Women, but not men, have prolonged QT interval if depressed after an acute coronary syndrome

Center for Behavioral Cardiovascular Health, Columbia University Medical Center, New York, NY 10032, USA.
Europace (Impact Factor: 3.67). 07/2011; 14(2):267-71. DOI: 10.1093/europace/eur246
Source: PubMed


Depression is a mortality risk marker for acute coronary syndrome (ACS) patients. We hypothesized that the QT interval, a predictor for risk of sudden cardiac death, was related to depressive symptoms in ACS.
We performed an analysis of admission electrocardiograms from hospitalized patients with unstable angina or non-ST elevation myocardial infarction from two prospective observational studies of depression in ACS. Depressive symptoms were assessed with the Beck Depression Inventory (BDI), and depression was defined as BDI score ≥10, compared with <5. Patients with QRS duration ≥120 ms and/or who were prescribed antidepressants were excluded. QT intervals were adjusted for heart rate by two methods. Our analyses included 243 men (40.0% with BDI ≥10) and 139 women (62.0% with BDI ≥ 10). Among women, average QT corrected by Fridericia's method (QTcF) was 435.4 ± 26.6 ms in the depressed group, vs. 408.6 ± 24.3 ms in the non-depressed group (P< 0.01). However, among men, average QTcF was not significantly different between the depressed and non-depressed groups (415.4 ± 23.6 vs. 412.0 ± 25.8 ms, P= 0.29). In multivariable analyses that included hypertension, diabetes, ACS type, left ventricular ejection fraction <0.40, and use of QT-prolonging medication, there was a statistically significant interaction between depressive symptoms and gender (P< 0.001).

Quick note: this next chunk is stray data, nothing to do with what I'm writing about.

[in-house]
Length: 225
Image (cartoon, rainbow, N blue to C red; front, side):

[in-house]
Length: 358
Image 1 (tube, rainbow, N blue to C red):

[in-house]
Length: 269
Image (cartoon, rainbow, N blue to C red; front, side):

In this ACS sample, prolongation of the QT interval was associated with depressive symptoms in women, but not in men. Further investigation of the mechanism of the relationship between depression and abnormal cardiac repolarization, particularly in women, is warranted to develop treatment strategies.

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